The use of ultrasound contrast agents as local drug delivery systems continues to grow. Current limitations are the amount of drug that can be incorporated as well as the efficiency of drug release upon insonification. High-speed imaging at ~10 million fames per second showed that for low acoustic pressures microcapsules compressed but remained intact. At higher diagnostic pressures microcapsules cracked, thereby releasing the encapsulated gas and the encapsulated drug. The vibrating bubbles nearby cells cause an increased uptake of the drug. For molecular imaging using ultrasound contrast agents, targeted microbubbles are designed with specific ligands linked to the coated shell. In this way it is possible to get information on the cell level with diagnostic ultrasound which in itself has only a resolution of 1-2 mm.

Prof. Dr. Henkjan Honing’s lecture:
What makes us musical animals?
While most humans have little trouble tapping their foot to the beat of the music, or to hear whether music speeds up or slows down, it is still impossible to get species closely related to us (such as chimpanzees or bonobos) to clap or drum to the beat of the music. They seem to lack beat induction: the cognitive mechanism that supports the detection of a regular pulse from a varying rhythm. Certain species of bird, however – budgerigars and cockatoos, for instance – do seem to be able to perceive a beat. Should this indeed be the case, then it makes the phenomenon even more intriguing, and the evolutionary implications more open for research. What traits do we share with these bird species (and not with other primates), and what can this teach us about the evolution of music?

Dr. Peter Meijer’s lecture:
Visual soundscapes from your augmented reality glasses
Rapid developments in mobile computing and sensing are opening up new opportunities for augmenting or mediating our reality with information and experiences that our biological senses could not directly provide. Apart from possible mass-market use of augmented reality glasses in the near future, there also arise new uses in niche markets such as assistive technology for the blind: the visual content of live camera views may be conveyed through sound or touch.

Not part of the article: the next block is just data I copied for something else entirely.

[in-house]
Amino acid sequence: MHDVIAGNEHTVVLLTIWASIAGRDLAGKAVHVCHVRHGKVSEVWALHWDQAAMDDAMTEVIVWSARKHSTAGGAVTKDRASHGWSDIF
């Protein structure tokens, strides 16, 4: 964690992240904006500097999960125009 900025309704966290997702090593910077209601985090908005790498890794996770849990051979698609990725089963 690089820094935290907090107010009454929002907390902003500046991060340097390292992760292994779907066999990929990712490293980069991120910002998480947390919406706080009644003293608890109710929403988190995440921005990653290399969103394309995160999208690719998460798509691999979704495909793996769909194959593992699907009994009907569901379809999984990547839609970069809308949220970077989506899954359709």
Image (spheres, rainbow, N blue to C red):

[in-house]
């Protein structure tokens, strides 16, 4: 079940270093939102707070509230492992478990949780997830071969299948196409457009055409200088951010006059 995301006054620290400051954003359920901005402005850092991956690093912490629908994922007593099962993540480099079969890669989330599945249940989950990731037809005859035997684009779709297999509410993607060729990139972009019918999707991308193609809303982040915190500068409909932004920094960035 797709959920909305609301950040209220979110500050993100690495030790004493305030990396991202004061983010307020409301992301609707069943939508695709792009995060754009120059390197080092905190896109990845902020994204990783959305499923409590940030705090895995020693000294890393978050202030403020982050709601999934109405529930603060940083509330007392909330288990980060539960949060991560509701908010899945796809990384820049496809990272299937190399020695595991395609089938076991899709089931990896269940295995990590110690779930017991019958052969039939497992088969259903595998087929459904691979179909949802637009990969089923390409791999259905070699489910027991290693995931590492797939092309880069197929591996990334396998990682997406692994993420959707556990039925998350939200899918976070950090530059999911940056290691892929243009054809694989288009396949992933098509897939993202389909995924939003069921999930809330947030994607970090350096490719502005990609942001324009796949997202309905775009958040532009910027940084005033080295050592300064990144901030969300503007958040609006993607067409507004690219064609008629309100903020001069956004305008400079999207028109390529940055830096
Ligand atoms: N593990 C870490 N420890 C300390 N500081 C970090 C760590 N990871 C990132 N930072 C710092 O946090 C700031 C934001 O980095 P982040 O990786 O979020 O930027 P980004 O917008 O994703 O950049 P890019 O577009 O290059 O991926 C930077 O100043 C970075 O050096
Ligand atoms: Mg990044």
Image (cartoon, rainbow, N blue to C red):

I will in my talk discuss how this brings together research on new man-machine interfaces, visual prostheses, computer vision, brain plasticity, synesthesia, esthetics, and even contemporary philosophy. It is also an area where progress in fundamental research (on brain plasticity) could quickly become socially relevant through software applications and training paradigms that are made globally available over the web, for use with widely available devices (smartphones, netbooks and camera glasses). Neuroscience research has in the past decade established that the visual cortex of blind people becomes responsive to sound and touch, with the visual cortex acting more like a “metamodal” processor of fine spatial information. This supports the biological plausibility of sensory substitution for the blind, as in seeing (or “seeing”) live camera views encoded in one-second soundscapes.